By Kleuske (Own work) [CC BY-SA 3.0 (, via Wikimedia Commons

On Tuesday, the streets of Jerusalem were filled with Christians from all over the world showing their support for Israel with a parade.  It was reported that 60,000 people participated from 80 different countries. (Link has good pictures.)  And this year I didn’t even have to leave my house to see it because the parade route was on my street.

Why You Should Travel Solo (At Least Once)

“Shoot. I forgot to put ‘travel solo’ on my list.”  That was my thought when I woke up the morning after I posted last week’s blog entry, How to Travel Well. But then I thought it might deserve its own post.

This will not be about the Eat-Pray-Love journey of self-discovery that solo travel will allow to blossom in the heart of your true, authentic self.  Who has time for all that navel-gazing self-absorption?  There’s a world out there waiting to be explored!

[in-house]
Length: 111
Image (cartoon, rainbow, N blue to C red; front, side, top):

Also, I’m not advocating throwing caution to the wind and trusting your sacred aura and charged crystals to protect you in every situation.  Take a self-defense class and be aware of your surroundings.

But definitely, at least once in your life, travel solo.

I’ve experienced group trips and traveling as a couple and the truth is that I like traveling solo best.

Get out of your comfort zone

Traveling solo pushes you to talk to strangers, try out some foreign phrases, and try new foods.  Your comfortable rut is no longer your anchor.  Every moment of every day when you are on the road is a new experience.

I don’t greet people in my everyday life by bowing with my hands together in front of my heart and saying “Sawadee-ka!”  But in Thailand I do!